CHEYENNE — It’s hard to imagine a football team walking off the field after a 61-20 season-ending loss to Rock Springs with a positive attitude.
Cheyenne South did just that and for good reason.
Friday’s final game might have looked lopsided on the scoreboard but it was in-fact South’s most complete offensive game of the season. And the architect of that effort — quarterback Zach Wilkinson.
“I’ve always noticed that in athletics we get better towards the end of the year because we spend more time together and we just get better at the end of the year,” Wilkinson said. “Success comes at the end of the year, more of it anyway.”
On the night, Wilkinson carried the ball eight times for 30 yards and finished 9 of 16 for 90 yards and two touchdowns. For some quarterbacks, that might be a mundane game. For Wilkinson, it wasn’t about the numbers but the way he executed the game.
During the final two Bison scoring drives, Wilkinson eluded pressure from Rock Springs and picked up big yardage with his legs to keep drives alive. What’s more he managed to connect with four different receivers on the night, a far cry from where he started this season.
His two touchdown passes — a lofted pass over several Tiger defenders to Kyhler Cummings just before the half and a strike to Isaiah Sims at the goal line in the fourth – were things of beauty. And, of course, it was South’s first game with mutliple touchdowns and Wilkinson’s first game with two touchdowns.
“That was the best game of my life, no doubt. I’ll always remember this and I just say thank you for the team because none of those touchdown passes would have happened if Isaiah didn’t catch a pass, if Khyler didn’t catch a pass, if I didn’t have great blocking – it wouldn’t have happened,” Wilkinson said.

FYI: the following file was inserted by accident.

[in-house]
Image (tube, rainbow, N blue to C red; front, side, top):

Sims and South coach Tracy Pugh have seen Wilkinson’s growth first-hand. When the season started, Wilkinson went almost three weeks with his only completions to Andy Moyte.
Now he’s able to vary his targets keeping play a bit more balanced. Sims, a 6-foot-3 tight end, calls the relationship between himself and Wilkinson a good one adding they’re friends off and on the field. Both players are sophomores meaning they have a few more years to work together. That has helped chemistry and trust develop over time and allowed South’s offense to finally gain momentum.
“It was very important to help because it’s kind hard to throw to nobody really. When you have such a big guy like as a target, it’s probably a little bit easier to throw to,” Sims said. “We have that connection, that tight end-quarterback connection.”
Following Friday’s performance, Pugh was happy for his sophomore quarterback. The numbers and touchdowns were nice, but getting the chance to show just how much he’d learned during the season was the key part.
Of course, Pugh was quick to point out that Wilkinson is only 15. He can drive the offense up and down the field, he just can’t legally drive a car yet.
“He has started to see the whole field instead of seeing what one route was written in the playbook. He’s made that progression over the last couple weeks,” Pugh said. “He ran out of bounds to stop the clock for us before the half. Little things like that. He picks up the game pretty well and I would say the last game of the year he’s grown as much as any kid we’ve had.”
Now the Bison are focused on doing more than just scoring points. They want a win, the program’s first as a varsity squad. They’ll have to wait about 10 months for that next opportunity.
Friday’s finale — that’s the memory they’ll carry with them through the offseason.
“It certainly gives hope. Lots of hope. Just now we have to get bigger, faster and stronger,” Wilkinson said.